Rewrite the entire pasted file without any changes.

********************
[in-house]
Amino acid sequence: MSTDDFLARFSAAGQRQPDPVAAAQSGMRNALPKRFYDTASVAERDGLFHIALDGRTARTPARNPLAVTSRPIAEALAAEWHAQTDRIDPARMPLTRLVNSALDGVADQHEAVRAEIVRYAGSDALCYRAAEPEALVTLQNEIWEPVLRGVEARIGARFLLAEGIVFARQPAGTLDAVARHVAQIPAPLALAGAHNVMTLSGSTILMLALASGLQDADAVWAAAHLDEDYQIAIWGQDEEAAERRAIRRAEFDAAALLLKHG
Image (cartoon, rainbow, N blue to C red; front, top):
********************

[in-house]
Amino acid sequence: MSTDDFLARFSAAGQRQPDPVAAAQSGMRNALPKRFYDTASVAERDGLFHIALDGRTARTPARNPLAVTSRPIAEALAAEWHAQTDRIDPARMPLTRLVNSALDGVADQHEAVRAEIVRYAGSDALCYRAAEPEALVTLQNEIWEPVLRGVEARIGARFLLAEGIVFARQPAGTLDAVARHVAQIPAPLALAGAHNVMTLSGSTILMLALASGLQDADAVWAAAHLDEDYQIAIWGQDEEAAERRAIRRAEFDAAALLLKHG
Image (cartoon, rainbow, N blue to C red; front, top):